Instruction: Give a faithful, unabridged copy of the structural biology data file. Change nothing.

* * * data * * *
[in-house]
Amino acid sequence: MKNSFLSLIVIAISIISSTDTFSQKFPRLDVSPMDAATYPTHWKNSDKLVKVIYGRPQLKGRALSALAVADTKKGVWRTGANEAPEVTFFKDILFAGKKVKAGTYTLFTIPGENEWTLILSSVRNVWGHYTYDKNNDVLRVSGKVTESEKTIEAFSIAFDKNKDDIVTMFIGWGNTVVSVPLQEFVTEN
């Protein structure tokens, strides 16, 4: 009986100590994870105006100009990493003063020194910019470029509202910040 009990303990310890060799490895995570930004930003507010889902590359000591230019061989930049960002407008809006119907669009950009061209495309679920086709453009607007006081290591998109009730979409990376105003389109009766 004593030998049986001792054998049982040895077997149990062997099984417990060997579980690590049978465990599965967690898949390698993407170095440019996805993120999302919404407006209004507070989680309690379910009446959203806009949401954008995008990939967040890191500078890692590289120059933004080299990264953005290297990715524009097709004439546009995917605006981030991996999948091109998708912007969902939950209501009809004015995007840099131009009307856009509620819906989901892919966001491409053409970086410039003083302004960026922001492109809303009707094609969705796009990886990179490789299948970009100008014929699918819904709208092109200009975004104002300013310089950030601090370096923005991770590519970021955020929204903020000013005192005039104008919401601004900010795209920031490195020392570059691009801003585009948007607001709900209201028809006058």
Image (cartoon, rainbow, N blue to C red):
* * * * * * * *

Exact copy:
[in-house]
Amino acid sequence: MKNSFLSLIVIAISIISSTDTFSQKFPRLDVSPMDAATYPTHWKNSDKLVKVIYGRPQLKGRALSALAVADTKKGVWRTGANEAPEVTFFKDILFAGKKVKAGTYTLFTIPGENEWTLILSSVRNVWGHYTYDKNNDVLRVSGKVTESEKTIEAFSIAFDKNKDDIVTMFIGWGNTVVSVPLQEFVTEN
């Protein structure tokens, strides 16, 4: 009986100590994870105006100009990493003063020194910019470029509202910040 009990303990310890060799490895995570930004930003507010889902590359000591230019061989930049960002407008809006119907669009950009061209495309679920086709453009607007006081290591998109009730979409990376105003389109009766 004593030998049986001792054998049982040895077997149990062997099984417990060997579980690590049978465990599965967690898949390698993407170095440019996805993120999302919404407006209004507070989680309690379910009446959203806009949401954008995008990939967040890191500078890692590289120059933004080299990264953005290297990715524009097709004439546009995917605006981030991996999948091109998708912007969902939950209501009809004015995007840099131009009307856009509620819906989901892919966001491409053409970086410039003083302004960026922001492109809303009707094609969705796009990886990179490789299948970009100008014929699918819904709208092109200009975004104002300013310089950030601090370096923005991770590519970021955020929204903020000013005192005039104008919401601004900010795209920031490195020392570059691009801003585009948007607001709900209201028809006058």
Image (cartoon, rainbow, N blue to C red):